THE BLOG
05/27/2014 01:29 pm ET Updated Dec 06, 2017

The Ying and Yang of Bali

"Will you be coming back mate?" The Australian immigration officer at the airport asked us as we were leaving Bali for Melbourne. "I've been in Ubud 18 years and it's not the exotic place it used to be. Going home to Tassie (what the Australians call Tasmania) in a couple months and staying there this time."

Bali is a Hindu outpost in the world's largest majority-Muslim country. Everywhere you look in Ubud, there is a temple with rich statuary, frequently wrapped in black and white cloth, symbolizing good and bad, yin and yang.

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In every house, every store, every sidewalk there is an offering to some spirit or god. There are four offerings to be made daily if you want good luck; to your house, temple, village and the greater community.

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And then there are the celebrations. A temple's birthday is celebrated every six months and usually for three-full days. Same for birthdays, twice a year.

Pregnancy is cause for ceremonial celebrations. A child's first year of life has several additional birth celebrations, presumably because many did not survive for long. "Everybody must have a boy," our guide told us. "I have no boy so I will keep having children until I do. Girls leave when they marry. Boys take care of the parents." There will certainly be lots of parents who will need taking care of in this, the world's fourth most populous country. As our friend Fred Harris says "When the ship's leaking, it's not the time to take on more passengers."

It remains a very sensual place. The weather, the clothes, the hippyish vibe and the omni-present sexual sculptures all contribute to this.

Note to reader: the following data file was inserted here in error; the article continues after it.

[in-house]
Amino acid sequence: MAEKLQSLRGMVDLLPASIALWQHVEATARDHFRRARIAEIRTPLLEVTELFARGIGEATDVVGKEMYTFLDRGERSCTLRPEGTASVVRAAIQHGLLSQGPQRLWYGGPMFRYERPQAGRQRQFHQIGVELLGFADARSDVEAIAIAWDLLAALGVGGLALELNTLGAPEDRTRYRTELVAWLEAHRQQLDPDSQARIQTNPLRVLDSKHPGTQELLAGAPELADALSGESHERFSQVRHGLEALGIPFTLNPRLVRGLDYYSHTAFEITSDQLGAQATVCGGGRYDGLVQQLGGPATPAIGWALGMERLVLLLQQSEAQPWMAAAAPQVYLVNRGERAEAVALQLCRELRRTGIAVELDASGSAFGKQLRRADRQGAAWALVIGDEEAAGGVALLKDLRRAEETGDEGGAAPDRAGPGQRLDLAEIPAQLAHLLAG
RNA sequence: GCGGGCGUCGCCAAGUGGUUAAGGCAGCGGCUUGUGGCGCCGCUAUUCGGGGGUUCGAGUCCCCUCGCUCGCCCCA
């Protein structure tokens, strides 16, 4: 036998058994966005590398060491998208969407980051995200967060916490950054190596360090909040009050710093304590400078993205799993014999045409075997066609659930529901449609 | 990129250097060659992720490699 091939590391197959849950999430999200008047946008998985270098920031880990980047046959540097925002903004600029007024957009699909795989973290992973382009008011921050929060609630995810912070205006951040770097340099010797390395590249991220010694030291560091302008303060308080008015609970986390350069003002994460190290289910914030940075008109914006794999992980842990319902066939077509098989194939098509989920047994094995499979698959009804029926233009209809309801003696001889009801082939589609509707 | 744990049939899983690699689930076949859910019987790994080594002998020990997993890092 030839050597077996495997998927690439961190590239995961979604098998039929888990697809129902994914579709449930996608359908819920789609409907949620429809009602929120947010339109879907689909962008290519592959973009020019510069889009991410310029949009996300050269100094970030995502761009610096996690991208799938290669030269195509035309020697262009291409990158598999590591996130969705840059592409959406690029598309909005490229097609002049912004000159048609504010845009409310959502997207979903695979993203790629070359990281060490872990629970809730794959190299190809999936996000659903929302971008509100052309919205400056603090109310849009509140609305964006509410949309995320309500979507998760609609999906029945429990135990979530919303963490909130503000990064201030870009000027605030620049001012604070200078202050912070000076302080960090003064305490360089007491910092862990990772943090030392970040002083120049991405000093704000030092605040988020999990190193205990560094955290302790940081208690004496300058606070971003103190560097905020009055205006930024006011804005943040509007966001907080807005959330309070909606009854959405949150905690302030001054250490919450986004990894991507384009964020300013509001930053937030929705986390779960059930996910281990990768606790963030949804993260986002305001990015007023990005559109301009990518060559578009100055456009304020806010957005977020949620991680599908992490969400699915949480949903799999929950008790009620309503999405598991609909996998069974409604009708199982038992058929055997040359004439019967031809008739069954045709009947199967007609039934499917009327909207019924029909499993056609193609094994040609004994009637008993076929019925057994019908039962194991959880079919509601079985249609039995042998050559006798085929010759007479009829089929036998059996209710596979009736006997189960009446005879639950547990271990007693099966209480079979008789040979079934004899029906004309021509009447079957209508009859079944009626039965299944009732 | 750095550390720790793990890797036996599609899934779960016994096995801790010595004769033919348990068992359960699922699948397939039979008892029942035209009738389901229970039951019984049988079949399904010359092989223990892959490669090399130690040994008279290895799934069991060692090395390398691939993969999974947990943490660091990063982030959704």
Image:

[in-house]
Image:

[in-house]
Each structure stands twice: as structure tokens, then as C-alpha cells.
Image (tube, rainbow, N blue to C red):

There are wildly-colorful dances in the villages and temples every night, performed mostly by the villagers. Though admission is charged, the dances go on with or without an audience. The monkey chant dance in Jungjungna outside Ubud had fewer than a dozen spectators and about fifty performers. There's no orchestra. About forty men dressed in traditional lungis called sarongs, act as the backdrop and hum 'chak, chak, chak kechak' throughout the dancing.

Since the fall of the Suharto dictatorship there is a wildly corrupt political system with about thirty parties. This has generated a fabulously rich uber class but most Indonesians live on a few dollars a day. And, in Ubud, everything is overcrowded. There is also a remaining security concern from the terrorist attack in 2002. The most up-scale tourist restaurants and hotels perform a check on every arriving car and passenger.

For many, this is still paradise. Ubud has survived bombings, volcanoes, earthquakes and colonizers, but I'm not sure it's surviving the overpopulation and the onslaught of tourists since Eat, Pray, Love.

So will I be coming back mate? Not so sure. It's the old yin and yang problem.

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